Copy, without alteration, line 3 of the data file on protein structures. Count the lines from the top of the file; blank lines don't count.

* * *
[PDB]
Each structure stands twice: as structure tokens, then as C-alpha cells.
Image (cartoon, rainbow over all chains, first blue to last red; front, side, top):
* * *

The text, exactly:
Image (cartoon, rainbow over all chains, first blue to last red; front, side, top):